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This page contains information on "The Speckled Band." Click here for information on Arthur Conan Doyle. Click here for "A Scandal in Bohemia". Click here for "The Blanched Soldier". Click here for "The Final Problem".

Summary of "The Speckled Band."

Watson begins this story by informing the reader that he is about to disclose the specifics of a mystery he and Sherlock Holmes solved years ago. He had promised not to make this case known until the lady he had made the promise to died.

A young woman named Helen Stoner requests the help of Holmes and Watson in solving the mystery surrounding her twin sister’s death. Two years ago, Helen witnessed the final moments of her sister’s life as she came running out of her room screaming, “Oh, my God! Helen! It was the band! The speckled band!” Helen’s now deceased sister, Julia, had mentioned a low whistling she had heard the nights leading up to her death, something Julia has connected to the death itself.

During the story, Helen informs the men that their mother had also died a few years ago and the sisters had been placed into the care of their step father, Dr. Roylott. In the course of the “The Speckled Band,” a few facts emerge regarding Dr. Roylott. First, he has a violent temper. Second, the value of the estate Helen’s mother left has diminished greatly. As Julia was about to be married, Dr. Roylott would have been left with even less money. Third, Dr. Roylott has many exotic pets from India roaming about the estate along with a group of gypsies. These facts point to Dr. Roylott as the primary suspect.

Helen reveals she is now engaged to be married and has started hearing the low whistling her sister mentioned. Dr. Roylott has moved Helen from her old bedroom into Julia’s old room, further terrifying Helen. Holmes sees the life-or-death situation Helen is in and agrees to take the case. While the men make their final preparations, Helen returns to her step-father’s house so as not to rouse suspicion. Dr. Roylott had followed Helen and makes an unexpected stop at Holmes’ place and threatens the men in an attempt to stop them from investigating.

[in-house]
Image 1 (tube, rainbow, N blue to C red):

Holmes and Watson continue on their investigation and arrive at the mansion. With Helen’s permission, the make some observations about the rooms and discuss a plan of action. Helen permits the men to secretly stay in her bedroom that night while she returns to her old room. Holmes’ suspicions are confirmed when the men hear the low whistling and discover what the ventilator between the girl’s room and Dr. Roylott’s and what the false bell-pull were really for. Dr. Roylott had been sending a venomous snake from India into his step-daughter’s bedroom, calling it back to him with the low whistling. This snake bit and killed Julia and the pattern on its back was “the speckled band” she was referring to. Holmes attacks the snake, sending it back through the ventilator, where it attacks and kills Dr. Roylott. At the end, Holmes states he is partly responsible for Dr. Roylott’s death, but feels no guilt over the man’s death.


Unless otherwise noted, all textual references refer to "The Speckled Band" from the collection: The Complete Sherlock Holmes by Sir Arthur Conan Doyle.(1)

Topics for Discussion

Marriage

The story's villain (Dr. Grimesby Roylott) does not want his stepdaughters to marry, as he would have to give them their inheritance. The stepfather wants to keep "ownership" of the women, and when it appears they will "leave him" for another man by getting married, he plots to kill them. It also comments on the close relationship between marriage and money. After all, it was still difficult for women to be financially dependent.